One of the most popular questions the meteorologist gets coming out of an extremely cold/snowy winter is "What does this mean for summer -- will it be really hot?"
The short answer to that question is that one really doesn't have anything to do with the other unless the overall weather pattern has been unchanged for months.
The longer explanation takes into account many other factors and is set forth in this blog. :)
To get things started, let's take a look at the past 50 years or so and find out the result of comparing winters and the their following summers. In a majority cases, winter that were exceptionally cold were followed by summers neither too cold or too hot, rather just average. (We can call it a Goldilocks Summer, see graphic to the right.)
There seems to be a slight advantage for equal chances of a cold, warm, or average summer when winter averages warmer. (See graphic to the left.)
Looking to our past can be interesting but it hardly determines a certain outcome in either case. A better indicator to a seasonal outlook is to look at the overall global weather pattern, specifically the current status and forecast for El Nino and La Nina. It usually gives us a good idea of whether or not our weather pattern will remain consistent or start to change. Here is an example...
Headed into last winter conditions were cool and wet and there was a hint that El Nino was going to emerge and change our weather pattern to milder and drier for the cold season. Without any strong signals that El Nino was in fact developing, it became very clear that we would endure a lot of cold and snow/rain.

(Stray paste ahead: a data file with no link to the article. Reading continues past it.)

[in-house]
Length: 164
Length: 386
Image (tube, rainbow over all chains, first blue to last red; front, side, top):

That wet/cool weather pattern has continued into the Spring this year but it has also begun to change a bit to the warmer side but remaining wet. In fact, El Nino has helped to steer the jet stream further south into the Heartland, and tap into rich Gulf of Mexico moisture. This has aided in exasperating the flooding situation in Texas and Oklahoma.
Heavy downpours have already been increasing in frequency across part of the United States over the past several decades. A warmer environment can hold more moisture. It's plausible that areas warming more than others on a larger scale are apt to see increased heavy rainfall events. Here is what research shows concerning the Lower 48. The next graphic to the right is a closer look at the frequency for the state of Kentucky itself.